Expert film discussion from completely unqualified people


October 21, 2014

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Review: Girlhood (Bande de Filles)

Rob took his students to see Girlhood. He has stolen their insights and will now present them as his own.

There are a number of universal themes in storytelling: true love, the horrors of war, the pursuit of justice. Writer/director Celine Sciamma has made a career of one in particular: the mind-numbing, earth-shattering, desperate aimlessness of youth. Ms. Sciamma's previous films, Water Lilies (2007) and Tomboy (2011), follow young people as they explore sexual awakening and gender identity. She continues that trend this year with Girlhood, a film I was lucky enough to see thanks to the Philadelphia Film Society. It's captivating, aggravating, uneven, and leaves a bit to be desired. Clearly a metaphor for life as an adolescent.

The film follows Marieme (Karidja Toure), a muted young lady trapped in the domestic horrors of her Parisian housing project. Her mother is absent, her brother is abusive, and her younger sisters are underfed. We expect a bright spot, right? Her grades? Nope, they're poor (so much so that she's looking at vocational school as her only option). Her friends? Nope. Striking out there, too. She can't even finish a game of FIFA without being interrupted. Still, she's kind and observant and we want her to succeed.

With little else to look forward to (and hoping to catch the eye of her brother's friend), Marieme joins up with the local gang of Hard Chicks: Lady, Fily, and Adiatou (Assa Sylla, Marietou Toure, and Lindsay Karamoh, respectively). They take her shopping and teach her to dance. We know where this is going: Things are going to get rough. Relationships are going to be strained. Responsibilities are going to be shirked. The girls instill in her a mantra of righteous independence, dubbing her "Vic" (for Victory). It's just what every young person wants to hear: I am the center of the universe. I have the power. I Do What I Want and I Say What I Think and You'll Just Have To Deal With That. There's a Marilyn Monroe poster somewhere with Vic's name on it.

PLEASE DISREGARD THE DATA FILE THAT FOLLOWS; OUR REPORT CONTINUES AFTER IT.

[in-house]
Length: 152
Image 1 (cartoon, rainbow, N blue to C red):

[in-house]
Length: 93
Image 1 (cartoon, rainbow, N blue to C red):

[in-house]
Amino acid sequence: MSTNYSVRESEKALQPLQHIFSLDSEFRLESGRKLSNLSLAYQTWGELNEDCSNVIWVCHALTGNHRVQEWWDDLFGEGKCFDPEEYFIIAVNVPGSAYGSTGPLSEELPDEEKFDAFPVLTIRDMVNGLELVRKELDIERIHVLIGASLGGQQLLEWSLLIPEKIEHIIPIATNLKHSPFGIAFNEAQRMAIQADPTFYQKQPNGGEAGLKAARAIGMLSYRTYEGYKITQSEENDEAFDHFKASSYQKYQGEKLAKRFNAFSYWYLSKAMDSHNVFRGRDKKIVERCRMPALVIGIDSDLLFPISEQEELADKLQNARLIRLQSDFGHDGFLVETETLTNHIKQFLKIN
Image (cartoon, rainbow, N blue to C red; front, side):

And of course it all goes wrong. Vic alienates her siblings. She stays out late. She shoplifts. She gets into street fights. She "bags" her brother's friend (which earns her a swift beating). The debauchery and violence actually pale in comparison to American parables like Spring Breakers, but we still shake our heads at our little girl adding rum to her Coke and donning a new leather jacket. It's a bit refreshing that Ms. Sciamma relies on simple indiscretions like these to illustrate how low our heroine has sunk. There's a particularly great scene in which the girls dance to the entirety of Rihanna's "Diamonds" in stolen party dresses (the anti-theft tag stills on, of course). It took me a minute to realize that this was the "depths of irresponsibility" scene, something reserved in other films for cocaine binges or haphazard murders. Here, we learn the lesson without being horrified.